Software licence

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A software licence (or software license in United States English) is a kind of licence that is used to set rules about how a piece of software can or cannot be used. After getting the software by either downloading it or buying it, you need to agree with the licence in order to use it. The licence is chosen or created by the software developer/creator or software publisher. Many licences answer questions such as "can I use this software commercially/to make money?", or "can I give this software to other people?", or in general, "in what ways am I allowed/permitted to use this software?".

Creative Commons is a type of software license.

One kind of software licence, an end user licence agreement, or "EULA", is very specific/descriptive about the things that you can or cannot do with the software, and oftentimes establishes/defines the rights of the software developer over the user. Most EULAs are written by the specific software developer and are not shared like other software licences.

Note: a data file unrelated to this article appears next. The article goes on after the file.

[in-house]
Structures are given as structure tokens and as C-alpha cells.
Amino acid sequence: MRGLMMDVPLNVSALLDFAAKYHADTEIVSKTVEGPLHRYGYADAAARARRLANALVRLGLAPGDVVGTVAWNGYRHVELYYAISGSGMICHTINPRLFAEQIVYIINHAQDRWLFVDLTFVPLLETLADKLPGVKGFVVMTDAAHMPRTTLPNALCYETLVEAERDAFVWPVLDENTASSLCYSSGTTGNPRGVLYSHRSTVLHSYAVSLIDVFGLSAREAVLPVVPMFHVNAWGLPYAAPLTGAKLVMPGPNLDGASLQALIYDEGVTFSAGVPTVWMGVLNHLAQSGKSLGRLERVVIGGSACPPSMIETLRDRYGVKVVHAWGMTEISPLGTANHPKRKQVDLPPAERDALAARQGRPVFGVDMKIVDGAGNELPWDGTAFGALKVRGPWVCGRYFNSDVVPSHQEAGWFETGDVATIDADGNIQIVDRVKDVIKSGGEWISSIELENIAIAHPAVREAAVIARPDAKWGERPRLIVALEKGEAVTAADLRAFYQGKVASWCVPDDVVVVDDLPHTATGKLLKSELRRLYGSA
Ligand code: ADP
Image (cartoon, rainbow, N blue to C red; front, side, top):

Another type of software licence is an open source distribution licence. These licences let software developers choose what people can and cannot do with the code of the software. There are many licences freely available which allow you to do this, such as the MIT Licence, which allows for the software to be used by any person for any reason/purpose. The GNU General Public Licence, often abbreviated/shortened as GPL is a licence which makes all copies of the software free and open source. Therefore, GPL cannot be included in any part of proprietary/closed software because it does not follow the rules of the licence. The Apache Licence is more definitive and specific, but is more common with larger companies, such as Google, but is still considered a free software licence. Creative Commons is a popular licence used by people who want to give something out for free without taking as much credit. Creative Commons is very open, and is even used by Wikipedia for its pages and other content.